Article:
The dark emerging trees
from the new-winter wood
are lovelier than leaves,
as cold is also good.
The heart’s necessities
include the interlude
of frost-constricted peace
on which the sun can brood.
The strong and caustic air
that strikes us to the bone
blows till we see again
the weathered shape of home.
No season of the soul
strips clear the face of God
save cold and frozen wind
upon the frozen sod.
On the wet bank’s rim we stand,
the air wild with the beating rain;
the sodden wood awry
with wild wind from the driven sky:
(and I know deeply and with pain
we stand here once and not again.)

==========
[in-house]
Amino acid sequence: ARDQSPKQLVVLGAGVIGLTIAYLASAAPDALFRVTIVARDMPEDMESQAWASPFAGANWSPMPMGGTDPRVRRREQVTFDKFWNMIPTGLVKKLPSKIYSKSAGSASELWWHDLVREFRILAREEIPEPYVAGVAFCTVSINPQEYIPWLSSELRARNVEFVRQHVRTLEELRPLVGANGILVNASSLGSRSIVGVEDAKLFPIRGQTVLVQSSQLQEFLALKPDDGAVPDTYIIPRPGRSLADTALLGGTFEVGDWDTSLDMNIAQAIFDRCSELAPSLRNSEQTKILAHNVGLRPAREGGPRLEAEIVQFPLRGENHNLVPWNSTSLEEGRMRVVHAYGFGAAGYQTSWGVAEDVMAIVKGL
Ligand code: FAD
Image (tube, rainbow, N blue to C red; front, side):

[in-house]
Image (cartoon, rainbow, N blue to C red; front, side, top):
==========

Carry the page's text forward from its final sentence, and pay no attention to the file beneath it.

The crumbling, heaving thrust of ice,
the thundering tumult of the falls,
familiar crisis of the year,
the swift blood beating in the ear:
(but only once, within the heart
the ice piles ready to depart.)
The men are knotted by the dam,
the grinding floes rear up and roar
and press and push; and with a shout
we watch the jam come tumbling out:
(so may we shout, so may we sing,
O blessed thaw, O holy spring.)
Jazz and folk musician Becca Stevens wove together the lyrics for her song “Tillery” drawing on these two poems by Jane Tyson Clement, as well as her own composition. Hear it on her 2015 album “Perfect Animal” and watch the YouTube video below. Stevens has been acclaimed by The New York Times as “a singer and guitarist with a profound originality enhanced by an innate sense of melody.”
These poems and others by Jane Clement can be found in her anthology, No One Can Stem The Tide.